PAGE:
Transatlantic Trident

“Few people would argue that the Trident is the ideal boat for such a voyage. But I never had any doubt in the capacity of the boat to see me safely across the Atlantic.” David Rudling

In 1992 David Rudling sailed his fin-keeled Trident Dawn Treader  to St Lucia via Spain, the Canaries and the Cape Verde Islands. He covered 4,715 miles and spent 1,129 hours (47 days) at sea, averaging 4.2 knots over the whole journey.



Dawn Treader in mid Atlantic (click to enlarge)

Writing in the TOA newsletter Trident News, he said: “I was fortunate in that for the first two legs, which would normally have involved a lot of windward work to clear the Bay of Biscay, I encountered North Easterlies. Although the winds got up to Force 8 (most of the passage to Spain was under storm jib) they enabled me to reach La Corunna only four days after leaving Plymouth.

Most of the 700 miles to Madeira were a broad reach though this proved challenging to David’s Autosteer wind vane self-steering. After a week in Madeira he sailed on to the Canaries. “This was only a reach South of some 270 miles but for some reason I was seasick virtually all of the way” which he put down to a particular combination of wind and waves.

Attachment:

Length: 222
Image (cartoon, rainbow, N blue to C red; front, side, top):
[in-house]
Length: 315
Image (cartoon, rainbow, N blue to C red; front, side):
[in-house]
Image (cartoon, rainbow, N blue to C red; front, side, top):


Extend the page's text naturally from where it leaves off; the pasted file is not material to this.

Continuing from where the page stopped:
He spent almost a month in Las Palmas before setting off for St Lucia. But after two days a weld parted on his self-steering and the servo blade floated away. A rope wrapped around the prop sheared off the P-bracket and bent the prop shaft when he started the engine to recover the blade. Rather than steer all the way to St Lucia he diverted to Mindelo 800 miles away in the Cape Verde Islands to get the weld repaired.


Approaching St Lucia (click to enlarge)

From the Cape Verdes he averaged 105 miles a day in the North Easterly Trade winds but the diversion to Mindelo meant he spent Christmas at sea – complete with tinned turkey and Christmas Pudding – surrounded by dolphins and pilot whales. He arrived in St Lucia in time for the New Year celebrations, covering 2,151 miles from Mindelo.

To prepare his Trident for the voyage, David replaced the rigging, increasing the fore and backstay to 6mm and strengthening the chainplates. He also fitted mast steps which proved fortunate when his main halyard block failed in mid-Atlantic.

David’s full account can be read in the members-only section.